An appellate court in California has reversed a 1999 injunction barring the publication of a DVD-cracking tool on the Internet, finding the earlier decision by a trial judge violated the defendant’s free speech rights.
The case, before California’s Sixth Circuit Court of Appeals, was closely watched as a test of how much protection companies can expect in California for trade secrets that become widely distributed online, CNET News reported.
The plaintiff, the DVD Copy Control Association, had argued that Andrew Bunner violated its intellectual property rights by posting on the Internet the DeCSS code that can be used to bypass Hollywood’s encryption scheme for DVDs. Bunner’s attorneys had countered that the code was no longer a secret by the time he posted it on his Web site.
“The preliminary injunction...burdens more speech than necessary to protect DVD CCA's property interest and was an unlawful prior restraint upon Bunner’s right to free speech,” the three-judge panel wrote in its decision.
The decision ends the last strand of Hollywood’s legal attack on DeCSS in the United States, an effort that began when Norwegian programmer Jon Johansen posted DeCSS on the Internet. A criminal case against Johansen in his home country was thrown out late last year.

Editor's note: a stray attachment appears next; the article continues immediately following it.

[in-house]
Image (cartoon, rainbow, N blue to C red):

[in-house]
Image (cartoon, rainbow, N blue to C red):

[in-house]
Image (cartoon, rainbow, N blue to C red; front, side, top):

The ruling does not make it legal in California to post DeCSS online, an action that has been found illegal by a federal appeals court. But the case does mark a rare victory for free speech advocates in the United States facing off with Hollywood over encryption technology that hampers DVD copying and prevents discs from playing on unauthorized machines.
This case differs from one in which the motion picture industry recently won a key decision last week against DVD-copying software maker 321 Studios, when a federal judge ordered the company to pull its products from stores. That case applied the Digital Millennium Copyright Act (DMCA), which makes it illegal to circumvent copy-protection schemes or traffic in circumvention tools.
By contrast, the Bunner case dealt with California state trade secrets law, addressing technical arguments over what practices constitute trade-secret violations and what steps companies must take to preserve their claims to secrecy after proprietary information is made public.